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Bed rest: outdated following traumatic solid organ injury?
  1. James Ashcroft1,2 and
  2. M Khan1,2
  1. 1 Department of Surgery and Cancer, Imperial College London, London, UK
  2. 2 St. Mary's Hospital, Imperial College Healthcare NHS Trust, London, UK
  1. Correspondence to Dr James Ashcroft, Department of Surgery and Cancer, Imperial College London, London W2 1NY, UK; james.ashcroft17{at}


Introduction This systematic review aimed to evaluate early ambulation protocols implemented for traumatic solid organ injury.

Methods The electronic databases PubMed, Medline (Ovid), Embase and Cochrane Library were searched without time constraint to identify prospective and retrospective analyses, randomised controlled trials, cohort studies, and case series that investigated early ambulation in solid organ trauma.

Results Six studies met the predefined inclusion criteria and were reviewed. Three studies investigated early ambulation protocols in direct comparison with bed rest. The remaining three studies were early ambulation case series. In all studies there was no convincing evidence to suggest differences in clinical outcomes between early ambulation and bed rest protocols. In all studies early ambulation resulted in a reduced length of hospitalisation and decreased cost to national healthcare services.

Conclusions This systematic review has found preliminary evidence that suggests bed rest has no clinical benefit in those with low-grade to mid-grade (grades 1–2) solid organ injury. Further studies are required to inform guidance to improve trauma patient outcomes.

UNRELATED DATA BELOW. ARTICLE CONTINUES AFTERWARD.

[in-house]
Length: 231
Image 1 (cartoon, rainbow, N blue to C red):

• trauma management
  • rehabilitation medicine
  • interventional radiology

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  • Contributors JA and MK designed the structure and scope of the review. JA collected the review articles. JA and MK analysed the articles. JA prepared the draft of the manuscript. JA and MK reviewed and revised the manuscript.

  • Funding The authors have not declared a specific grant for this research from any funding agency in the public, commercial or not-for-profit sectors.

  • Competing interests None declared.

  • Patient consent for publication Not required.

  • Provenance and peer review Not commissioned; externally peer reviewed.

  • Data availability statement All data relevant to the study are included in the article or uploaded as supplementary information.

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